No Trespassing


Last week we explored the roots of codependency – the unhealthy pattern of relating to our close friends and family. Today the series on codependency narrows the focus on boundaries – a protective limit that makes all the difference.

In codependent relationships people can experience emotional, physical, or mental abuse because there are no established boundaries in place.

Draw the line

Think of a boundary like the fence around your home. The fence prevents a neighbor from building a shed in your backyard. It can keep out dogs and deter burglars.

Just as a fence keeps uninvited invaders onto your space, it also keeps you on your own property.  The fence stops your children from running out into the street.   It shows you how far to mow the lawn or rake the leaves.

The fence marks the line of where your responsibility lies.  And where it does not.

Likewise setting a boundary in relationship can:

  • Show the difference between your business and none of your ‘beezwax.’
  • Prevent someone from hurting you – emotionally, verbally or physically.
  • Establish healthy relationship patterns.


Steps to setting boundaries & an example:

  1. In prayer, ask God to give you the courage and wisdom to set a healthy boundary.
  2. Identify a specific boundary – I do not wish to be interrupted when I’m speaking.
  3. Craft what the consequence should be if/when someone crosses this boundary – the first time I will identify the offence and state the boundary, and the second time I will leave the conversation.
  4. Communicate the boundary and the consequence of breaking the boundary during a peaceful moment (not while in conflict) – I do not like to be interrupted when I am speaking. If you interrupt me, I will stop talking and leave the room.

We will not boast about things done outside our area of authority. We will boast only about what has happened within the boundaries of the work God has given us, which includes our working with you.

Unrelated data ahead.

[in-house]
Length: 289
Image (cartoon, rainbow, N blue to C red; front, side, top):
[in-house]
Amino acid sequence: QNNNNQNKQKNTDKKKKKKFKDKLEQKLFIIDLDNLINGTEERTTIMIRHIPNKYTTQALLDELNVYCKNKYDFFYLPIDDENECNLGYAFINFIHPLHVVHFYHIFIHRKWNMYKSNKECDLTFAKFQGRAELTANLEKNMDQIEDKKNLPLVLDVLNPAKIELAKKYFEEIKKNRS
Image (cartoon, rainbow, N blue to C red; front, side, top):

2 Corinthians 10:13 (NLT)

Toe the line

Once you’ve set and established your boundary(ies) with someone, you have to stick with them. If someone crosses your boundary and interrupts you, then follow through with the consequence your promised. If you don’t, you’re sending the message that ‘it’s okay to interrupt me whenever you want.’

Likewise, setting the boundary of time is important. Serving on every committee at your church is probably not how God wants you to use all your time. Agreeing to do tasks for others without considering if you have enough hours in the day to complete it AND the other obligations on your plate, isn’t wise.

Setting and honoring your boundaries may, at first, seem like the world will collapse or that everyone will abandon you.  It won’t.  They won’t. Though you may meet a little resistance at first while your partner learns how to better interact with you, your relationship will be better for it.

Thankfully there are a good deal of resources available that can help you better understand boundaries. Some of my favorites are:

Codependent no moreBest yes  Unknown-2        525488

Today, I challenge you to follow the steps to setting one boundary. Start with something simple like capping the tube of toothpaste – not a burning conflict with dire consequences.

See what happens… I dare you!


Order your copy of Dare to Respect and enjoy the journey of 6 wives who consider their own boundaries in marriage.




Leave a Reply

Please log in using one of these methods to post your comment: Logo

You are commenting using your account. Log Out /  Change )

Facebook photo

You are commenting using your Facebook account. Log Out /  Change )

Connecting to %s